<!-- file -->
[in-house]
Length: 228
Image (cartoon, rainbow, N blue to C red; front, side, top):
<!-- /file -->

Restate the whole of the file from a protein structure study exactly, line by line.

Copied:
[in-house]
Length: 228
Image (cartoon, rainbow, N blue to C red; front, side, top):